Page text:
“It’s better that we go home before they kill us”

| Ntombi Mbomvu
Some foreign nationals have decided to go back home. Pictured here are immigrants leaving the Habibia Soofie Majid Mosque in Pietermaritzburg. Picture by Ntombi Ngubane.

“We have the darkest skin colour so it is easy to see that we are not South African”, says Malawian national Niga Wezele. The 22-year-old fled from Isipingo when the xenophobic attacks started in KwaZulu Natal.

He is one of about 500 foreign nationals living in the the Habibia Soofie Masjid Mosque in Masukwane Street in Pietermaritzburg, many of whom are preparing to return to their countries after the violence.

“The looks people give us are scary, therefore we are very careful of anyone who is different from us. We know each other. As you can see, we have the darkest skin color so it is easy to see that we are not South Africans,” says Wezele. “People can easily spot us in the crowd because of our accent and our dark skin colour.”

“It’s better that we go home before they kill us. They were attacking us in Durban and they were clear that if we don’t go they will kill us.”

“I don’t even have a phone, I might have lost it when we were busy running away. I cannot say that my life in South Africa was perfect, but it was better compared to my life in Malawi. I came with some of my brothers hoping for a better stay, but it’s the other way around,” said Wezele.

According to the caretaker of the mosque, Goolam Soofie, about half the immigrants the mosque hosted were Malawians.

“They have decided that they are going back home and we will help them,” said Goolam.

Wezele came to South Africa in 2014 and lived in Isipingo. He survived by cleaning gardens and cutting the grass at people’s homes.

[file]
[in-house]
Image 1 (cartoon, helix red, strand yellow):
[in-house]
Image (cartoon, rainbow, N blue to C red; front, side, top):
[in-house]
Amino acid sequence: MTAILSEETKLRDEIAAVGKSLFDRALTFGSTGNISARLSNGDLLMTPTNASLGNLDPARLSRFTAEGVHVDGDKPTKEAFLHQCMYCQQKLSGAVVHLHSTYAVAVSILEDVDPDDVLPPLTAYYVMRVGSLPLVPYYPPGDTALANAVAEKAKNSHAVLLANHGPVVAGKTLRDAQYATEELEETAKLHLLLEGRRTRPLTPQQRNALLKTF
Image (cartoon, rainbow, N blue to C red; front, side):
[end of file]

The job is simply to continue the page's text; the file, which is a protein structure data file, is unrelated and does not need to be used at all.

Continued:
“I have concluded that I am going back home. I came to Pietermaritzburg because they were attacking us in Durban. People demanded that we to go back home and they were threatening to kill us. We had to travel with a bus at night which dropped us at Masukwane.

“When we arrived in Masukwane, the victimisation continued. All we could hear was people saying ‘go back to your country, go back to your country’. They said that in the Zulu language but we understand what they were saying.

“We came to the mosque where we were able to breathe,” said Wezele.

Goolam said the mosque had offered the same assistance to foreign nationals who were victims of xenophobic attacks in Gauteng in 2008.

“We had many of them coming to the mosque and we had to assist. The recent incidents are worse. We had an influx of women and children who were desperate for help. We had to do something; give them food and offer them a place to sleep. Most of them are going back home. Going back home is the only safe option for them. We won’t chase them away. We have been feeding needy people for years,” said Goolam.

Other Malawians were packing and rushing to the vehicles transporting them out of South Africa. Two full buses with women and children had already left.

Some of the foreigners on the mosque premises were uncomfortable when they saw this reporter’s camera. An old man with a foreign accent who was busy packing bags in to the van, asked if this reporter was there to attack them.

“We don’t trust anyone,” said Wezele.

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TOPICS:  Immigration

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